Some people form mental pictures -- "brain movies" -- when we read.
I never watch television footage of heinous crimes. It’s too gruesome for me to bear. But I do read news reports obsessively, and the stories from America’s school shootings have imprinted indelible brain movies in my mind.
The events 11-year-old Miah Cerrillo described to CNN last week should be seared in our collective memory.
Miah was one of the fourth graders trapped in a classroom at Robb Elementary when a gunman rained gunfire on her peers and teachers, killing 21 of them. In order to survive, she placed her hands in the blood of her dead classmate, who was lying next to her. She smeared her friend’s blood on herself and played dead.
She managed to escape death at the hands of a teenager armed with an AR-15 rifle and hundreds of rounds of ammunition -- an 18-year-old too young to legally buy a beer, but able to purchase military-style assault weapons.
It hurts to think about what Miah must have experienced in those moments. Her class had been watching the Disney movie "Lilo and Stitch" before the nightmare began. Then, suddenly, she was watching her teachers and classmates murdered in front of her.
Spend a minute thinking about what this little girl endured just to survive. Think about the lifelong trauma she will carry inside her.
This kind of terror has unfolded in American schools over and over and over: More than 311,000 children in America have experienced gun violence in school since Columbine, according to a Washington Post database.
That’s more than the population of St. Louis.
Imagine how the worst moments of Miah’s young life were made even worse by feeling abandoned by those she thought would protect her.
She and a friend managed to get their slain teacher’s cellphone and dialed 911 -- exactly what we teach our children to do in an emergency.
“Please come ... we’re in trouble,” she told a dispatcher.
No one came.
Armed officers stood outside that door for more than 40 minutes while children were trapped inside with a madman wielding an AR-15.
A child called again, begging for help: “Please send the police.”
Miah started crying when she remembered hearing officers outside, saying to CNN she just didn’t understand why they didn’t come inside and rescue them.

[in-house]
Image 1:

I can hear the voice of a terrified child calling 911 again and again.
“Please send the police.”
We need to sit with that and hear those words in our children’s voices. What would we do to protect them?
The Uvalde Police Department and the Uvalde Independent School District police force are no longer cooperating with the Texas Department of Public Safety’s investigation into their delayed response during the massacre. The officers waited for around an hour outside the adjoining classrooms because a commander on the scene wrongly believed the suspect was "barricaded" and that no lives were at risk.
Police outside Robb Elementary even threatened to arrest parents trying to rush in to save their children. The Uvalde police department's version of events has changed several times.
But this wasn’t the first time we saw armed “good guys” waiting it out while children were murdered inside a school. The school resource officer in Parkland, Florida, stood outside Marjory Stoneman Douglas High School while 17 people were murdered inside by another teenager wielding an AR-15.
Do the chaos and terror of a mass shooting paralyze some "good guys" with guns? Does a survival instinct override the oath to serve and protect? Is it fear? Is it cowardice? Is it knowing that their weapon is no match for a semi-automatic rifle? And why do we expect teachers to be even braver and more heroic than these "good guys"?
The Texas Tribune reported that FBI analysis of 277 gun massacres between 2000 and 2018 found that “so-called 'good guys with guns' interrupted mass shootings 3.9% of the time.” By comparison, unarmed civilians interrupted them almost three times more often (11.9%).
Unarmed civilians like teachers, principals and children, who have all sacrificed themselves during school shootings to save other children.
As for the myth of the "good guy with a gun" stopping the bad guy?
Bury that for good.